I'm always happy to receive my latest copy of Studies in the Age of Chaucer. I had been anticipating volume 29 ever since the NCS in NYC of 2006. I've wanted to spend some time with the written version of two lectures, David Wallace's Presidential Address ("New Chaucer Topographies") and Susan Crane's Biennial Chaucer Lecture ("For the Birds"). The thick volume arrived yesterday and I immediately flipped to Wallace's essay. Let me share with you today my surprise about its footnotes.
They are copious and authoritative, just as SAC demands. But these are not the footnotes of a SAC article c.2005, or 1995, or 1985: Wallace's footnotes ought to be hyperlinked. They contain what might be the first citation of a blog in the journal (footnote 5 reads simply "http://houseoffame.blogspot.com") -- though, I hasten to add, only as a way of not speaking about blogs. The footnoted sentence in the main text reads "In speaking of new Chaucer topographies, I bypass the Chaucer blogger (whoever you are: some say a Langlandian ABD)." This just after an observation about how the World Wide Web keeps us "continually connected." Alas, poor Chaucer blog [and your nonLanglandian nonABD author], you are discarded for a starting point at Peter Ackroyd.
The footnotes demonstrate just how plugged in David Wallace is ... not surprising, since David Wallace has impressed me since I met him as a graduate student in 1990 as someone who simply knows everything about everything and can express it in an inimitable fashion. The Guardian is cited by its URL, not via its print version (footnote 14). A definition of Gotham City is pulled from the Superman Homepage (footnote 12). The essay's first footnote even references the officially published responses to the NCS conference at which the lecture was delivered. The Canterbury Tales "Medieval Misadventures" attraction gets a literary nod via a Sylvia Plath reference ("feauturing grotesquely animated puppets, [it] opens (to amend Sylvia Plath) with horsepiss in darkness," 7) and a footnote sending readers to the attraction's webpage. Baba Brinkman's Rap Canterbury Tales likewise sees its website published in the footnotes, and even Jody Foster rapping Eminem at U Penn's commencement receives a dutiful link (footnote 22).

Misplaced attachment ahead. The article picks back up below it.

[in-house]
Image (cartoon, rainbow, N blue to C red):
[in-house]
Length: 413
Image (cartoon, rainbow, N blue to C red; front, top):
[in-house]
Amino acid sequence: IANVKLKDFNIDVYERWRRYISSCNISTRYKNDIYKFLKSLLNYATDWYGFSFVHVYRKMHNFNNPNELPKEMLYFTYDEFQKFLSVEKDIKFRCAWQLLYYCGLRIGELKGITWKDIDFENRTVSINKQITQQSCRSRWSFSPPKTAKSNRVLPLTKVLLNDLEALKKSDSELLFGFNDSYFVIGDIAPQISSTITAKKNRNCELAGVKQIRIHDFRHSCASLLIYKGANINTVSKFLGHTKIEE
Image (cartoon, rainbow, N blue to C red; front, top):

To which I say: yahoo. And also, bravo. Scholarly publishing ought to be forthright in acknowledging that information arrives from many venues, and that the internet has altered how we conduct much of our research. I am very happy to see those URLs proliferate, even as they make me wonder about the future of publishing hard copy journals.
What surprised me, though, was the presence of an entity which has until now been one I warn my students in dire terms to flee: Wikipedia. Wallace defines vogueing by quoting the Wikipedia entry in footnote 9. Wikipedia being Wikipedia, someone has already changed the entry, so it no longer quite coincides with his quotation (the substance remains the same, but the Madonna element has been downplayed by an anonymous redactor with some small animus against her). Wikipedia resurfaces in footnote 24, to source a biography of Darcus Howe given in the main text (footnote 24 is in fact the last reference to internet materials; footnotes 25-45 often invoke conferences and performances, however, stressing the vitality of the essay's subject).
Part of what spurred this post is that more scholarly, less ephemeral references -- e.g. to voguing -- can be found elsewhere. But am I simply worried about the erosion of my own scholarly authority? Is it possible that I need to rethink the Wikipedia warning I put on my research paper instructions? Is Wikipedia still what I thought it was: a plethora of vanity pages, lightly researched facts, and eccentric information sprinkled with some good entries that are nonetheless susceptible to constant mischief, all of it frosted with a deceptively bright layer of supposed fact checking, group correction, and peer review? How did Wikipedia bust into SAC? Or am I waaaay behind the times here? I am curious to hear from ITM readers: where do you stand on Wikipedia?